President Bush yesterday said he was determined to send a message to Congress, Wall Street and the American people that fixing Social Security's long-term cash shortfall was as...
WASHINGTON President Bush yesterday said he was determined to send a message to Congress, Wall Street and the American people that fixing Social Security’s long-term cash shortfall was as critical as reducing budget deficits and addressing other, more immediate problems.
Bush, wrapping up a two-day economic conference, made an aggressive sales pitch for restructuring the New Deal-era retirement program by letting younger workers open private investment accounts, an approach that would widen the federal deficit for a decade or more before long-term savings began to accrue.
Most Read Stories
- Foreign buyers drop off as Seattle housing market hits hottest tempo since 2006 bubble
- What drivers can and cannot do under Washington state's new distracted-driving law
- ‘A painful and frustrating experience’: Horizon Air scheduling havoc will continue into the fall
- Seattle police after organizer cancels popular Magnuson Park movie nights: ‘The park is safe’
- Dining on roadkill: Washington residents gather 1,600 deer, elk in law's first year VIEW
“The crisis is now,” Bush said, previewing the message he promised to deliver to Congress. “You may not feel it, your constituents may not be overwhelming you with letters demanding a fix, but the crisis is now.”
Bush’s partial-privatization plan was applauded roundly by the conference’s carefully screened participants, but it had the opposite effect on interest groups that announced they would band together to lobby against Bush’s plans.
“The fight against privatizing Social Security will be the fight of our lives,” said George Kourpias, president of the Alliance for Retired Americans. “Privatization will destroy Social Security.”
Many analysts concur that the system faces a serious cash-flow deficit in coming years as members of the “baby boom” generation retire and benefits escalate faster than revenues. But they disagree sharply over the severity of the crisis and the merits of proposed solutions. Social Security’s board of trustees, which comprises three federal officials and three knowledgeable private citizens, estimates that benefits will overtake revenue in 2018.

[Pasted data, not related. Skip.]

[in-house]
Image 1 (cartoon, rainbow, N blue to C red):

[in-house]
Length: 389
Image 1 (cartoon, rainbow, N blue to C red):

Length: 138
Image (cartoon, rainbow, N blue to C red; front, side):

In 2042, the trustees estimate, Social Security will become “insolvent.” Annual payroll-tax revenue will be the only source of cash, and it will be enough to pay only about 75 percent of promised benefits. The Congressional Budget Office, however, estimates that the fund will be depleted in 2052 10 years later than the trustees’ forecast and predicts that payroll taxes then will cover about 80 percent of benefits.
Although Bush has not endorsed a specific restructuring plan, the broad outlines of his approach have begun to emerge: Current retirees and workers nearing retirement would experience no changes. Workers younger than 55 or so would face a cut in future benefits below levels promised by current law. They would be allowed, but not required, to divert a portion of their payroll taxes, probably about 2 percent, into private investment accounts, which the administration believes will earn a greater return than the government’s Social Security fund.
Although Bush used the conference to trumpet other initiatives, including tax-code revisions, control of health-care costs and litigation reform, he placed the most emphasis on his plan to transform Social Security into a hybrid system featuring a combination of defined-contribution and defined-benefit accounts.
A defined-benefit plan promises the recipient a specific monthly payment, and the payout of a defined-contribution plan depends on how much money an individual contributes. By tackling the problem now, Bush said, “We’ll send a message to the financial markets that we recognize we have an issue with both short-term deficits and the long-term deficits of unfunded liabilities to the entitlement programs.”
Those comments appeared to address one of the principal criticisms of the kind of Social Security overhaul the White House is considering: The government would need to borrow as much as $1 trillion to $2 trillion over the next decade to replace the payroll taxes that would be diverted into private investment accounts.
Administration officials maintain they can borrow that much money without disrupting the economy or putting upward pressure on interest rates because financial markets will recognize that the additional debt is part of a package that will reduce long-term unfunded liabilities.
But some independent economists expressed doubts, saying bond traders already were rattled by the prospect of more deficit spending, which is financed in part by foreign government purchases of Treasury securities.
“If he floats another $2 trillion of American debt, the first board meeting of the ownership society will be held in Beijing because they’re the ones who are buying all the debt,” said William Spriggs of the liberal Economic Policy Institute.
Congressional Budget Office projections were provided by The Washington Post.